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There's A Lot Of Attention On The Royals In Arizona, And We Know Why

Greg Echlin

Many of last year’s Kansas City Royals (with a few new faces sprinkled in) gathered this week for spring training in Surprise, Ariz., but there was a different feeling on the field and in the stands.

Last fall, Royals fans departed from Kauffman Stadium subdued after losing Game 7 of the World Series. The San Francisco Giants denied the Royals and their fans a chance to celebrate their second World Series championship.

In the clubhouse, the atmosphere was somber, too. Outfielder Lorenzo Cain said the loss hurt.

“It’s tough to deal with right now,” said Cain from the losing clubhouse.

Jeremy Guthrie started Game 7 on the mound and blamed himself for the 3-2 loss.

“It turns out they scored three runs off me early and that was the difference,” said Guthrie.

With a few months to put it behind them and record crowds at the recent Fanfest in downtown Kansas City, the Royals reported to sunny Arizona for spring training. Manager Ned Yost said the team has a spring in its step after last year’s post-season.

“Just look at what they did. How can you not trust what they accomplished last year?” asked Yost. “You know that each and every one of them going through that situation and having that experience is going to come out of it as an even better player. So, yeah, we feel real good about it.”

It’s not just the team that’s energized. It’s the fans, too.

“We’re all good buddies. We come down every year. This is our 13th year,” said Joe Saviano, who lives in Brookside, and attended the first full day of practice with his friends.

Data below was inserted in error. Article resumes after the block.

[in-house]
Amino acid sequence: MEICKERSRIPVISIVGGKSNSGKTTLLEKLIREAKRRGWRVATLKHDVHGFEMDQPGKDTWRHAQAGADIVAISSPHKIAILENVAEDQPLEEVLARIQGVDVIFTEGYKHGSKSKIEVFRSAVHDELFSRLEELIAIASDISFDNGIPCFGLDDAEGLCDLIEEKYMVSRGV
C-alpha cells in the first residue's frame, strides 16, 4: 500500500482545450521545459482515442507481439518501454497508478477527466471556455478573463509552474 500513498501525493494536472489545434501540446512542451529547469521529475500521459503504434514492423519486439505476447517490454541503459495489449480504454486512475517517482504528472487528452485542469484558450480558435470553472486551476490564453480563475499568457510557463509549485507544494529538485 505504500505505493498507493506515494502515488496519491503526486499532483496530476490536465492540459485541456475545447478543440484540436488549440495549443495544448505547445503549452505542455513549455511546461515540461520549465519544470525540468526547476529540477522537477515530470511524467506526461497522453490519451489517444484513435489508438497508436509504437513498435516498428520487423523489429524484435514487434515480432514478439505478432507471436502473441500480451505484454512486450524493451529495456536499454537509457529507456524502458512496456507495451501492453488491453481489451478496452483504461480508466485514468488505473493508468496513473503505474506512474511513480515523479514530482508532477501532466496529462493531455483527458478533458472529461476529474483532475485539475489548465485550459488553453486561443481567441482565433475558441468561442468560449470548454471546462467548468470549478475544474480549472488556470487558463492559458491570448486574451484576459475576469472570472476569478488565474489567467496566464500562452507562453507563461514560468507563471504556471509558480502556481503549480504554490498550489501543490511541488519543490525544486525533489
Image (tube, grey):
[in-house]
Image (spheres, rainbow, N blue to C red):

Saviano and seven of his friends normally rent a house in March, when exhibition games are underway. In November, he went to reserve a house, but unlike past years he found it completely booked.

“It was booked for the entire month of March. That’s why we’re here this week,” he added.

It wasn’t difficult for Saviano to figure out why.

“Defending American League champs!” he declared. “The boys in blue, the Kansas City Royals.”

Credit Greg Echlin / KCUR
Retired Royals first baseman Mike Sweeney taking throws during workout.

That title figures to spike attendance for Royals games in Surprise. Even after attendance for home games in Surprise last year was 32 percent better than the year before. In fact, spring training attendance overall last year was a record-high with an average of more than 8,000 fans for each exhibition game.

Also as defending American League champions, it translates into more media coverage. Royals spokesman Mike Swanson says credential requests for spring training have gone up.

“There’s a lot of things that have evolved and changed Kansas City-wise in a media perspective and it’s grown,” said Swanson. “Everybody knew that this was the place to be this spring. We’ve had two Phoenix stations here already, a Lincoln, Neb., station and there will be more. So it’s awesome.”

It’s not just the local media stopping by the complex the Royals share with the Texas Rangers in Surprise, Arizona. Swanson said the national media wants to catch a glimpse of the Royals.

“We’re going to have ESPN’s Baseball Tonight bus actually coming for our opening game on March 4. That’ll be a full day of ESPN devoted to us,” said Swanson. “I say it that way because in past years we had to share that honor with Texas."

The Royals regulars like Eric Hosmer and Alex Gordon are used to the routine of spring training. But youngsters like Gardner-Edgerton High School alum Bubba Starling are learning the ropes. Starling watched the World Series from the desolate clubhouse in Surprise as he and a handful of other prospects played in the developmental fall league. Now he’s part of a flurry of activities in his first big league camp.

“For me and some of the younger guys, it’s just good being around veteran players and the big league guys. It’s just cool getting to talk to them and picking their head and learn stuff from.”

One of the most important things that Starling and the other young players are learning is how to win. Something that took the Royals a long time to do.

Sports have an economic and social impact on our community and, as a sports reporter, I go beyond the scores and statistics. I also bring the human element to the sports figures who have a hand in shaping the future of not only their respective teams but our town. Reach me at gregechlin@aol.com.
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